It can be considered either.
// means nothing – multiple consecutive slashes get collapsed to one, anywhere in the path, including the beginning. Changing directory to
// puts you in
/, as running
readlink /proc/self/cwd would tell; likewise,
/usr//local///bin is collapsed to
However, some other Unix-like systems, for example Cygwin or the old Apollo Domain/OS, use the
// prefix for network paths such as
//fileserver/path/to/data. POSIX allows this as well.
For various reasons, the bash shell tracks the current directory on its own (in addition to the OS-provided tracking) and it has code in it that prevents the initial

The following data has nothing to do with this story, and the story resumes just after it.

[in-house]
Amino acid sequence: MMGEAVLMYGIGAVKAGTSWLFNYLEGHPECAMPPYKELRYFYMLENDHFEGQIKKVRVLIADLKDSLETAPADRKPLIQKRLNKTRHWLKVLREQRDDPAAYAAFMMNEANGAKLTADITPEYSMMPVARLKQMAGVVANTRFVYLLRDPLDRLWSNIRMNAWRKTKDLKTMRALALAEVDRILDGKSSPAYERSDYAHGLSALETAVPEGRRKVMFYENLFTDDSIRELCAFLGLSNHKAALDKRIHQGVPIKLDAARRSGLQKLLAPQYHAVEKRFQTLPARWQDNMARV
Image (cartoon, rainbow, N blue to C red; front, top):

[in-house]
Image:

// from being collapsed, to remain compatible with such systems. The "feature" is that bash provides more intuitive tracking of current directory, for example, when
cd'ing into a symlink, bash will show you the path you expect, even though the kernel thinks otherwise. The "bug" is that bash permits
// even on systems that do not use it.